Sunday, 15 June 2014

Review: Tristram Shandy: Conception Cock & Bull



A little break from 'Death of a Dreamonger' to talk about something I went to see on Friday at the studio of St James Theatre.

First, I have to say, I don't like the St James Theatre. It was built last year and is as anonymous as anything else, could as easily be a travelodge or one of those luxury flats they are busy sticking in any spare space in London at the moment.

I must also admit that I didn't like the price. £17.50 seems a lot to pay for a one man show with simple staging which lasts for just over an hour. I later found out that the profits from the show went to a charity, which is fair enough but I'm sure the £5 they were asking for half a pint of beer was not. Then they asked me if I wanted to pay a donation to the theatre on top.

Putting all that aside and talking about the performance, it was written and performed by a man called Stephen Oxley and he did brilliant things with it.

My favourite part was when, in the middle of telling a story he suddenly ducked down and crawled before 'emerging' and standing up. We were then told he'd drawn a curtain over the previous scene and the audience realised that he had just wriggled his way out from under that curtain.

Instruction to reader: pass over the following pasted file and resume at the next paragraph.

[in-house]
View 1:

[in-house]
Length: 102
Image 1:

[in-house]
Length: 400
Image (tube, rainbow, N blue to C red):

The digressive nature of Tristram Shandy was played brilliantly for laughs, the joy and eagerness with which 'Tristram' as the narrator kept getting sidetracked. He promised to tell it straight in the second half but could not resist a few digressions, especially when going through his chest of props and goodies.

The bawdy in the book was well represented. From the spirited impersonation of his conception (followed by a comment that he wouldn't tell us about his birth till we were better acquainted) to a whispered aside to an audience member that so shocked her she gasped. He played that Shandian game of informing us that a nose is definitely a nose, whilst making it abundantly clear it probably wasn't.

The representation of some of the minor characters was quite pantomimish but it added to the fun and Parson Yorick was played by a skull. Alas, we didn't have Yorick's death though (I thought maybe a blackout to represent the black page). Nor did we have the eternal curse or the business with Obadiah's knots but there was a lot of the good stuff there with proper and due attention paid to Uncle Toby.

So, I did enjoy myself, but I'd have liked it more for a tenner in the Dictionary Garrett in Dr Johnson's House...notwithstanding Johnson's own opinion of Tristram Shandy.

All yours

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